BRUSSELS (Reuters) - ArcelorMittal ISPA.AS, the world’s largest steelmaker, said it would slash its dividend and focus on cutting debt after slowing demand from China and sluggish European markets drove it to a third-quarter loss.
The group, which makes 6-7 percent of the world’s steel, said on Wednesday there was little prospect of a quick recovery in the $500 billion steel industry - a gauge of the global economy - and scrapped its forecast for core profit per metric ton (1.1023 tons) in the second half of the year to be similar to that in the first.
“Very challenging operating conditions for ArcelorMittal ... are expected to continue in the fourth quarter,” Chief Executive Lakshmi Mittal said in a statement.
ArcelorMittal shares fell 2.8 percent in early trade, making them among the weakest performers in the FTSEurofirst 300 index of leading European stocks .FTEU3.
The steel industry has slowed sharply this year from last, as a moderation in China’s economic growth rate has compounded weak demand from austerity-hit Europe.
The World Steel Association earlier this month forecast steel demand would rise by 2.1 percent in 2012, down from 6.2 percent in 2011. It had forecast 3.6 percent growth in April.
Other steelmakers are hurting too. South Korea’s POSCO (005490.KS), the world number four, last week cuts its annual investment target after a 25 percent drop in quarterly profit.
ArcelorMittal reported a third-quarter core profit of $1.34 billion, in line with analyst expectations, but its lowest level in three years.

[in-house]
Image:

The group said it believed European Union demand would fall by 8 percent this year, making it 29 percent below pre-crisis levels. It has responded by announcing the closure of blast furnaces in Belgium and France.
Including an impairment and restructuring charges related to those closures, as well as a one-off hit from a new U.S. labor contract, ArcelorMittal tumbled to a net loss of $709 million, greater than the $193 million loss expected.
ArcelorMittal, whose output is more than double that of its nearest rival, said it would propose reducing the annual dividend payment to $0.20 per share in 2013, only to be progressively increased once deleveraging was complete. It paid out $0.75 this year.
Economic weakness, particularly in Europe, prompted ratings agency Standard & Poor’s to cut the steelmaker’s debt to junk status in August. Moody’s cut its outlook to negative.
The latter has said that ArcelorMittal must cut net debt by $5 billion by early 2013 to avoid a downgrade.
For the full year, ArcelorMittal said it expected core profit to be around $7 billion. The average Thomson Reuters I/B/E/S forecast is $7.34 billion.
Editing by Rex Merrifield and Mark Potter